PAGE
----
In this article it is argued that the burgeoning faith of policy-makers and regulators in the ability of central counterparties (“CCPs”) to absorb both counterparty and collateral risk in “sale and repurchase agreements” (otherwise known as “repos”)—and, in turn, in helping to forestall contagion in the form of so-called “repo runs”—is misplaced. In developing this contention, three major claims are advanced. First, for all their benefits, CCPs exhibit a major design flaw in as much as they are unable to diversify away market-wide systemic risk when counterparty failures become correlated—as exemplified by the global financial crisis (“GFC”). Secondly, this design flaw is remarkably similar to the flaw which the modern trend towards market-based finance exhibits, again, as revealed during the GFC, and as persists in its more recent “fund-based” guise, and that this parallel cautions against viewing CCPs in an unduly favourable light. That is to say, in much the same way that market-based finance helped to neutralize systemic risk in good or moderately turbulent times pre-crisis, but amplified it in times of acute market turbulence, so too CCPs are liable to exhibit similar tendencies. Finally, although the UK’s new regulatory and supervisory regime applicable to CCPs has much to commend it, these measures are, in fact, likely to be of limited assistance in ensuing that CCPs are able to perform their mutualisation role, or that they do not disrupt financial markets, when things go seriously wrong.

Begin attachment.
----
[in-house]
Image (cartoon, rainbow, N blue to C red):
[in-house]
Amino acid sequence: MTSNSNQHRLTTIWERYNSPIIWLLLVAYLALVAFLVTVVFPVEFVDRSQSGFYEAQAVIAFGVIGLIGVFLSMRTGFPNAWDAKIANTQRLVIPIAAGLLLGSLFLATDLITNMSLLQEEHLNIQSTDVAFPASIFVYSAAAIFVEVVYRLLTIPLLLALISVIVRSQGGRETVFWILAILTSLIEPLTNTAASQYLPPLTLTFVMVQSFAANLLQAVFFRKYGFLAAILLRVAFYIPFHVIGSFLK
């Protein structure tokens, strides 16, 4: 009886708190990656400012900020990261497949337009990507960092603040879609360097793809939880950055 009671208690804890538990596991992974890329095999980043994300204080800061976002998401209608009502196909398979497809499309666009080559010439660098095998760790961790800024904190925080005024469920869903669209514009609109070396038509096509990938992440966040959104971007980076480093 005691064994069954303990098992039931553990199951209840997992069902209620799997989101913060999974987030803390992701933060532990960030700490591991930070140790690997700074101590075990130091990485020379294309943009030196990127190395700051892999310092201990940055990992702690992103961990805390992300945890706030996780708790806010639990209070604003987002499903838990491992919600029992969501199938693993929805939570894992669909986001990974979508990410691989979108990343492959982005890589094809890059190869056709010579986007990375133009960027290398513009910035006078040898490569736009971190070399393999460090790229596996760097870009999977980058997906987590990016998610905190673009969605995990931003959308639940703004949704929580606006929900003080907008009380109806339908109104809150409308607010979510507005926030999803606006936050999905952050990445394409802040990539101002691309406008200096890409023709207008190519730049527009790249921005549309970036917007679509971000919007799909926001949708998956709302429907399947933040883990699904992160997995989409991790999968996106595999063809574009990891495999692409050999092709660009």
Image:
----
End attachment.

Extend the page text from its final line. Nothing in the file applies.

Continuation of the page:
- central counterparties (CCPs)
- sale and repurchase agreements
- repo runs
- systemic risk
- market-based finance